You choose, we deliver
If you are interested in this story, you might be interested in others from The Journal Gazette. Go to www.journalgazette.net/newsletter and pick the subjects you care most about. We'll deliver your customized daily news report at 3 a.m. Fort Wayne time, right to your email.

World

  • Iraq’s Sunnis say they have their speaker nominee
    The Iraqi parliament’s Sunni blocs have agreed on a candidate for the post of parliament speaker, paving the way for the legislature to take the first formal step toward forming a new government.
  • Israel calls for north Gaza evacuation after raid
    Israel briefly deployed ground troops inside the Gaza Strip for the first time early Sunday as its military warned northern Gaza residents to evacuate their homes, part of a widening campaign against militant rocket fire that’s
  • Ukraine govt denies president will be at Cup final
    Ukrainian President Petro Poroshenko won’t be attending the World Cup final in Brazil on Sunday, a government statement said, denying assertions by Brazilian officials that he would be there.
Advertisement

Iran says it sent monkey into space successfully

TEHRAN, Iran (AP) — Iran said Monday it has successfully sent a monkey into space, describing the launch as another step toward Tehran's goal of a manned space flight.

According to a brief report on state TV, the rocket dubbed Pishgam, or Pioneer in Farsi, reached a height of 120 kilometers (72 miles). The report gave no other details on the timing or location of the launch, but said the monkey returned to earth safely.

Iran has long said it seeks to send an astronaut into space as part of its ambitious aerospace program, including plans for a new space center announced last year. In 2010, Iran said it launched an Explorer rocket into space carrying a mouse, turtle and worms.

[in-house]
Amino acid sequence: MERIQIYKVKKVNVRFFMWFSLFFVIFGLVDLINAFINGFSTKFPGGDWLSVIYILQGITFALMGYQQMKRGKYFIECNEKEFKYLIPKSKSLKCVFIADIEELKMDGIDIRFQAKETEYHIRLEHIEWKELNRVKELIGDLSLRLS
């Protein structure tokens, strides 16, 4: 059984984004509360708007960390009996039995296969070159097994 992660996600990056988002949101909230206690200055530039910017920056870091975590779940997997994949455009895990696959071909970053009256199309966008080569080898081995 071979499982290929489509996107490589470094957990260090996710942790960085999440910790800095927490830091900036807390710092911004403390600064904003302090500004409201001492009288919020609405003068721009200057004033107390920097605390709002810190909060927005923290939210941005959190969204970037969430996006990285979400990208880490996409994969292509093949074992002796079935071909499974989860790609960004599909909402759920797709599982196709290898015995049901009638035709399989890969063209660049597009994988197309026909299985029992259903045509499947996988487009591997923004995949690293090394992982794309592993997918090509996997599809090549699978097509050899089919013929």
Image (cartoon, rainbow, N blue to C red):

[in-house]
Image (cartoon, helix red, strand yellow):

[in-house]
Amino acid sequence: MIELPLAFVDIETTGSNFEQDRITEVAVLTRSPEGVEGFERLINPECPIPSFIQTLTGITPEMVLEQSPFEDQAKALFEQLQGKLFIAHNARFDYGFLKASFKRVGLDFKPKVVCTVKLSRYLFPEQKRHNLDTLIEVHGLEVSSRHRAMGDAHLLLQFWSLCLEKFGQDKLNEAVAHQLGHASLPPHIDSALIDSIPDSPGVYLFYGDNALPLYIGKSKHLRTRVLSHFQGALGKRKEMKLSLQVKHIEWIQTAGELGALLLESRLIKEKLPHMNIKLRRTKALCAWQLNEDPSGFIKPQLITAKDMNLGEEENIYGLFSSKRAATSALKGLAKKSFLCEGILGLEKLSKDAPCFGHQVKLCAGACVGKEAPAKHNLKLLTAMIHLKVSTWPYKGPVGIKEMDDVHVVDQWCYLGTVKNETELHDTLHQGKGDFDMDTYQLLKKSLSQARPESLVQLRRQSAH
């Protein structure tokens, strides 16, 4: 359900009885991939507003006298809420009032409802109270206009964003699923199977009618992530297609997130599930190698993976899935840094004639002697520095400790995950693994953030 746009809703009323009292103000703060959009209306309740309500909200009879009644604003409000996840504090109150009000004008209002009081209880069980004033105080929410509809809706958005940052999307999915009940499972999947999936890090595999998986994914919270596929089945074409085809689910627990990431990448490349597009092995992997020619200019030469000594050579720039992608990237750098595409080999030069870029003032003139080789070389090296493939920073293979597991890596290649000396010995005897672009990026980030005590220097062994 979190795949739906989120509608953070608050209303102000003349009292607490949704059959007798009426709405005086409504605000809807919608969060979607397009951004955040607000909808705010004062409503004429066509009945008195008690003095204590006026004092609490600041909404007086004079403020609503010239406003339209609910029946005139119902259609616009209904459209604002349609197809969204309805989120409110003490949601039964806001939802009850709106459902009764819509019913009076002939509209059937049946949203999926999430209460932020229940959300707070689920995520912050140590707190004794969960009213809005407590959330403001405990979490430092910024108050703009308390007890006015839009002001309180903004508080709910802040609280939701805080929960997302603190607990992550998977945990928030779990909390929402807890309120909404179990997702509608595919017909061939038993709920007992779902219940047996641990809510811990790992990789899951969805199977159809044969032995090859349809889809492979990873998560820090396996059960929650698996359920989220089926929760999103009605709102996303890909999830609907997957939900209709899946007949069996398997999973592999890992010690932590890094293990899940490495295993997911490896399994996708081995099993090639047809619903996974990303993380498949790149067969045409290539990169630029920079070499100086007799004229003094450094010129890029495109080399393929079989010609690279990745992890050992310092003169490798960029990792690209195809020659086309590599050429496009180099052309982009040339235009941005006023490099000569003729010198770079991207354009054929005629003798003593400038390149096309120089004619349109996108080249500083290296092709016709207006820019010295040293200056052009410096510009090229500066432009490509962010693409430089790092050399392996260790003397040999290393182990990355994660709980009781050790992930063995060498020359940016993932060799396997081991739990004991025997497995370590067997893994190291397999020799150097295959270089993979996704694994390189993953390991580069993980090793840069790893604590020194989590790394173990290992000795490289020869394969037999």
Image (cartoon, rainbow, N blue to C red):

The U.S. and its allies worry that technology from the space program could also be used to develop long-range missiles that could potentially be armed with nuclear warheads. Iran denied it seeks atomic weapons and claims it is pursuing nuclear reactors only for energy and medical applications.

Iran has announced several successful launches of satellites, dating back to 2005 in a joint project with Russia.

Tehran has not given details of its planned new space facility, but it already has a major satellite launch complex near Semnan, about 200 kilometers (125 miles) east of Tehran. A satellite monitoring facility is located outside Mahdasht, about 70 kilometers (40 miles) west of the Iranian capital.

Iran says it wants to put its own satellites into orbit to monitor natural disasters in the earthquake-prone nation, improve telecommunications and expand military surveillance in the region.

Advertisement